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From Butterflies to Sawfish

Mami, talks about her experience volunteering, highlighting objects from our Handling Collection and some of our displays.

  • Mami holding turtle shell, Mami holding turtle shell, Mami
    Mami holding turtle shell, Mami

Hello, my name is Mami and I moved to the UK from Japan last year. I am a housewife, and my family members are my husband and a shiba-inu dog. I have been volunteering with the Horniman since May 2019. I am really excited to be working for the Horniman, because touching objects is very fascinating. So, I’m pleased to work and learn about the objects and English simultaneously!

I really recommend that you stop by at our touch tables when you are exploring the Horniman. I found it surprising because I had never seen a table like this in Japan. I had never seen a table like this before I came here or touched any museum objects before.

We have several objects: a sawfish, a turtle shell, a sperm whale tooth, a piece of seal skin and a fish skeleton. Today, I’d like to introduce a couple of these handling objects to you and my favourite parts of the Museum.

Sawfish (Anoxupristis caspidata)

  • Mami with sawfish, Mami holding sawfish, Mami
    Mami holding sawfish, Mami

Sawfish, Anoxupristis caspidata, are a type of ray that are closely related to sharks! They live I in shallow coastal waters like bays and estuaries in tropical and subtropical countries. Sawfish like to eat small fish and animals without a spine. They attack groups of fishes, cutting them into smaller pieces with their saws, making them easier to eat. Surprisingly, they can find food with their rostrum (nose extension) which contain sensory organs! They also use the rostrum as a club to stun the prey or to pin it to the floor before eating it. The rostrum is used as a defensive weapon against strong enemies, using it as a club to stun the prey or pin it to the floor before eating it.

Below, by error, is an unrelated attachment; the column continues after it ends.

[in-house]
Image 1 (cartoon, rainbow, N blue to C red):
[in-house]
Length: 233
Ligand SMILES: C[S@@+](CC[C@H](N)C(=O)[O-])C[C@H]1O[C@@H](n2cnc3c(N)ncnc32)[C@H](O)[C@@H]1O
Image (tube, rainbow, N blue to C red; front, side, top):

All five species of sawfish are now listed as Endangered or Critically Endangered on the IUCN Red List of Threatened Species. This is because of loss of habitat, plastic and being caught in fishing nets left behind by humans in the sea. They are also facing threats due to plastic pollution caused by us.

Turtle Shell

You are also able to touch the shell of a green turtle. Its scientific name is Chelonia mydas. The shell is hard, like a suit of armour and so tough even a shark’s teeth can’t bite through it! Its shell enables it to swim fast, but unlike many other turtles, the sea turtle can’t pull its head and legs inside its shell to hide from its enemies. Green turtles spend their entire lives at sea and only adult female turtles come ashore when it’s time to lay their eggs.

Sea turtles often drown when caught in fishing gear, nets and long lines. Further to this, they often eat plastic bags because the bags are mistaken for foods such as jellyfish. The plastics remain in their organs and they become to be unable to eat. In the Natural History Gallery, you can see a Green Turtle, currently on loan from The Natural History Museum, London. Its surrounding display highlights the effects facing sea turtles today.